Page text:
“We are bracing ourselves for a major humanitarian crisis. Terrified families have been fleeing into Kabul in the past days. Camps are overcrowded and children are sleeping out in the open. Families are fighting over food. We fear this situation is being replicated across the country at an unprecedented pace,” said Tracey Van Heerden, the Norwegian Refugee Council’s acting country director in Afghanistan.
One mother, Zahra Omari, fled to Kabul from Kunduz province with her six children: “When people started fleeing, I took my children and fled. I didn’t even take milk for my 10-month-old daughter. We found a bus going to Kabul that had removed the seats to cram as many people as possible inside. It was full of frightened men, women and children.”
The impact of increasing levels of violence between Taliban and government forces in recent days is forcing thousands to uproot and flee to safety. An estimated 390,000 people have been displaced since the start of the year, according to the United Nations, but actual numbers could be far higher.
Escalating fighting has also made it more difficult and dangerous for aid organizations to assist families most in need. “Eighty per cent of our projects are affected by the ongoing conflict, impacting of the delivery of critical aid to over 900,000 Afghans. But we are committed to stay and deliver. While Afghanistan remains one of the world’s most dangerous countries for us to operate in, it is more important than ever that aid agencies can reach communities as the conflict escalates,” said Van Heerden.
NRC teams on the ground are working around the clock, but the speed and escalation in fighting has surprised everyone. Civilians, including NRC staff, have been forced to hunker down as conflict has escalated around them, with many fleeing to safer areas as soon as it is safe to do so.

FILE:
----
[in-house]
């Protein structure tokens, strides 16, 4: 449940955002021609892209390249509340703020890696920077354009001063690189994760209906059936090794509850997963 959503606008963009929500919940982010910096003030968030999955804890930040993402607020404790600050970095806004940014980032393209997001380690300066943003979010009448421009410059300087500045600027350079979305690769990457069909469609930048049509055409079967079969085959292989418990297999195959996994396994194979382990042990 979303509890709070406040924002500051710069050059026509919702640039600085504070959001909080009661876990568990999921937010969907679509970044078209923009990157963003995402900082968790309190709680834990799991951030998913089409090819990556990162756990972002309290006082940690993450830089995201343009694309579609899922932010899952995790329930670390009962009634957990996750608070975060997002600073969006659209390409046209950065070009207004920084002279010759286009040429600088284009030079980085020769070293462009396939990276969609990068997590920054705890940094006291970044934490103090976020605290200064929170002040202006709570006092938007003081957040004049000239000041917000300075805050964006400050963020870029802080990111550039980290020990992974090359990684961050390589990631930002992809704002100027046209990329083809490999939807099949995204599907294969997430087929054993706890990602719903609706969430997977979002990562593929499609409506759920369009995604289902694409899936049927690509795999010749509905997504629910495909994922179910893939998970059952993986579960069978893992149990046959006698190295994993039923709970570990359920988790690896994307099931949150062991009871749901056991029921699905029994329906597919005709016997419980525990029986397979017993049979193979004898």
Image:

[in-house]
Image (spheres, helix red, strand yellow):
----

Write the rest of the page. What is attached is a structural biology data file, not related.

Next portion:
Previously displaced people who fled their homes because of earlier violence have not been spared by the latest fighting. In Shahrak-e-Sabz, one of the largest displacement settlements in the west of the country, families fear the nighttime when conflict escalates around them. Mortars recently injured a young boy and damaged shelters at the site.
In areas where NRC operates, more than a third of districts have changed territorial control. NRC also works in half of the provincial centers that have changed territorial control or remain highly contested.
“Now more than ever it is critical that parties to conflict uphold their obligations to protect civilians, including humanitarian workers, and civilian infrastructure like schools and hospitals,” said Van Heerden.
Facts and figures:
- Nearly 390,000 people have been displaced by the latest violence since January, bringing the total number of people displaced to 3.5 million.
- Over 1,000 people have been killed or injured due to indiscriminate attacks against civilians in Hilmand, Kandahar and Hirat provinces in the last month alone.
- Fighting across the country has claimed the lives of over 40,000 people since 2009.
- The United Nations aid appeal for Afghanistan calls for US 1.3 billion to help people in need, but has only been 38% funded.
Note to editors:
- Photos, stories and quotes from newly displaced families are available to download free here.
For more information or to arrange an interview, please contact:
- NRC global media hotline: firstname.lastname@example.org, +47 90562329